As the court noted in Roldan, “[Although defendant unquestionably was entitled to the effective assistance of a conflict-free attorney, defendant’s own behavior created the alleged conflict and threatened to undermine his lawyer’s effectiveness. We are reluctant to recognize a rule of law that would empower criminal defendants to inject reversible error into their trials by simply threatening their lawyers.” (People v. Roldan, supra, 35 Cal.4th at p. 674.) Like the court in Roldan, we are reluctant to provide appellant with a roadmap for creating endless delay by the simple expedient of threatening his attorney’s life. At the same time, our adversarial system cannot function properly where defense counsel harbors divided loyalties. In these circumstances, we rely on the trial court’s discretion “to determine whether a criminal defendant is represented by an attorney truly laboring under conflicting interests or whether the defendant his simply engineered an apparent conflict in an attempt to delay the ultimate moment of truth, the jury’s verdict.” (Id. at p. 675.) This does not appear to be a sham threat made with the intent to disrupt or delay the proceedings. Here, there was a credible death threat resulting in the filing of new criminal charges against appellant. The public defender is both the named victim and a necessary witness at any trial on those charges. The trial court properly concluded that the removal of
the public defender and the appointment of conflict counsel was an appropriate way to proceed.
Nor was the trial court required to consider any attempted waiver of the conflict to permit appellant’s continued representation by the counsel of his choice. We doubt that a conflict based on a credible death threat can be waived by the defendant. In any event, the trial court’s order appointing new counsel, albeit over appellant’s objection, was made to protect his right to competent and conflict-free counsel. “In such circumstances, there is no violation of the right to counsel guaranteed by article I, section 15 of the state Constitution, notwithstanding the defendant’s willingness to waive the potential conflict.” (People v. Jones, supra, 33 Cal.4th at pp. 244-245; see also People v. Welch, supra, 20 Cal.4th 701, 728-729; People v. Bonin
(1989) 47 Cal.3d 808, 836-837 [254 Cal.Rptr. 298, 765 P.2d 460].)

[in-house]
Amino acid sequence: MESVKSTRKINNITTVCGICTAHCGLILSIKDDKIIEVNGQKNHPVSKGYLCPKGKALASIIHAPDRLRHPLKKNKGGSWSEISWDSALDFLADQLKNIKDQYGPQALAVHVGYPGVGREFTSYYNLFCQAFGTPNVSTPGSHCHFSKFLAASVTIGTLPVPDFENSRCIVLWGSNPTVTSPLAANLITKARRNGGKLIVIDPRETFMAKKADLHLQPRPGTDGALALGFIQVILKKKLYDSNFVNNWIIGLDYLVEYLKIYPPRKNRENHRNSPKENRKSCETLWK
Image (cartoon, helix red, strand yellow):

Finally, the public defender’s conflict of interest in case No. 2008052740 (regarding the threats made by appellant against her), cannot be viewed in isolation. The conflict applies to all of the cases pending against appellant because defense counsel’s ability to fully defend appellant in any matter is compromised if counsel believes appellant might make good on his threat. To avoid that conflict and safeguard appellant’s right to counsel, the trial court properly appointed conflict counsel to represent appellant in the competency proceeding. Its order appointing conflict counsel was a safe and rational way to proceed. The trial court had seen and heard appellant representing himself in the original case. Only three months earlier, it heard expert testimony that appellant suffered from a severe mental illness that precluded him from “being able to rationally assist an attorney in his own defense.” The trial court could rely on that testimony in appointing conflict counsel, rather than permitting appellant and the public defender to seek a waiver of the conflict. (People v. Bonin, supra, 47 Cal.3d at p. 837.)
At oral argument, appellant’s attorney indicated that were we to agree with the trial court, such a ruling could be misused by a defendant seeking to jettison appointed counsel after losing a Marsden motion. (People v. Marsden
(1970) 2 Cal.3d 118 [84 Cal.Rptr. 156, 465 P.2d 44] [Criminal defendant entitled to competent representation and the trial court must listen to defendants reason or reasons for request to discharge present counsel and appoint new counsel.].) This seems farfetched. We doubt that a defendant would commit a new crime and risk a new prosecution just to have counsel relieved in the former case. This would be the acme of foolishness. And even if this is the case in the future, the possibility or probability of a consecutive sentence for the new threat should be a sufficient deterrent.
The judgments (orders of incompetency and commitments to Metropolitan State Hospital) are affirmed.
Gilbert, P. J., and Perren, J., concurred.